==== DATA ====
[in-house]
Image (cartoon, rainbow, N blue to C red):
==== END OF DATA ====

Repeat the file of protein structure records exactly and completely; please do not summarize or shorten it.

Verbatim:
[in-house]
Image (cartoon, rainbow, N blue to C red):